Let's talk teeth | Bulletin 5 of 7
Week 5 | caring for your baby's teeth
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The first year of life

Getting good oral health routines in place from an earlier age is really important. It makes caring for their teeth a normal thing for your children.

Here we’re looking at the first year of your baby’s life and how to start getting good habits in place as soon as their first tooth arrives.


Teething

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Teething can be a really upsetting time for babies and for parents. It can be hard to see your little one suffering or in pain.

When it comes to teething, all babies are different.

But your baby will usually get their first tooth at some point during their first year.

Find out how to spot when your baby is teething and what order your baby's teeth are likely to appear in from the NHS here.

You can also get lots of advice on how to help your baby when they’re teething on the NHS website here.


Looking after your baby's teeth

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You can start brushing your baby's teeth as soon as they start to come through.

Use a baby toothbrush with a tiny smear of fluoride toothpaste.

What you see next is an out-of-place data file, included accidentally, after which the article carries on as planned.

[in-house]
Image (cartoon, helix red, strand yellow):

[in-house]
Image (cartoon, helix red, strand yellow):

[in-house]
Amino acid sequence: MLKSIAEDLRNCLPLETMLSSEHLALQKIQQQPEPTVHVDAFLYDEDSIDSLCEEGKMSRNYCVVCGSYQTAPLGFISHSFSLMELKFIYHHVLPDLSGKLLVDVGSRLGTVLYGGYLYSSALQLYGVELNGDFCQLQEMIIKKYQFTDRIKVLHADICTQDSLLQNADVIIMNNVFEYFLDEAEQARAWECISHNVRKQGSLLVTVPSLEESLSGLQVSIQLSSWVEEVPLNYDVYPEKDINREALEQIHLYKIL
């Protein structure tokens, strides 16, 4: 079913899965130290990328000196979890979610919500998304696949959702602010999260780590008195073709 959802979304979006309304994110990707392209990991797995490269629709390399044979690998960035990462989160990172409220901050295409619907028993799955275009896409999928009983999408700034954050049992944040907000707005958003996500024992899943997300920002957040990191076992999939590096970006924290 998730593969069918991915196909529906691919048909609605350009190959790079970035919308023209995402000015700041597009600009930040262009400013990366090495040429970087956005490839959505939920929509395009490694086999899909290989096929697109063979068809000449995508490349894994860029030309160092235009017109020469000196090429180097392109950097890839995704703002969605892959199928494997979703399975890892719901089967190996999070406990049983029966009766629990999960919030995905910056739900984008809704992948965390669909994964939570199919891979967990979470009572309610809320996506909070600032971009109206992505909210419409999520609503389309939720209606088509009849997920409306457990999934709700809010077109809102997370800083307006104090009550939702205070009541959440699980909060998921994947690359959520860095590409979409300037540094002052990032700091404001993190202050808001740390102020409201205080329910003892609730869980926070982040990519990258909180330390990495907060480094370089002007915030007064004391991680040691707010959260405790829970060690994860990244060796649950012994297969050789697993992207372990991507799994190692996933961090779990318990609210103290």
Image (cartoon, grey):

Brush the teeth in small circles, covering all the surfaces and encourage them to spit out the toothpaste afterwards,

There's no need to rinse with water, as this will wash away the fluoride.

Get lots more advice about looking after your baby’s teeth online here. 


Should I give my baby a dummy?

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NHS advice is that it is fine to give your baby a dummy but try to avoid using them after 12 months of age.

Using dummies after this can encourage an open bite, which is when teeth move to make space for the dummy. They may also affect your child's speech development.

Discourage your child from talking or making sounds with a dummy or their thumb in their mouth, and don't dip dummies in anything sweet, such as sugar or jam.


Visiting the dentist

NHS dental care is free for children so it’s a good idea to start taking your baby as soon as their first tooth comes through.

This will help them get used to visiting the dentist and also pick up any problems early.

You can search for an NHS dentist close to you using the NHS service finder here.  


More advice on caring for your child's teeth

The British Society of Paediatric Dentistry (BSPD) is the national society dedicated to improving the oral health of children from birth to 16.

Visit their website for advice on how to care for your children's teeth as they grow.


Next week...

Next week we'll be looking at how to look after your children's teeth as they get older.


We hope you're finding these emails helpful.

Until next time.

Derbyshire County Council

This email was sent to david.parsons@trustedcarcheck.co.uk by Derbyshire County Council · County Hall, Matlock · DE4 3AG · Contact us image
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Text-only version of this email

Week 5 | caring for your baby's teeth
baby and dummy icons
The first year of life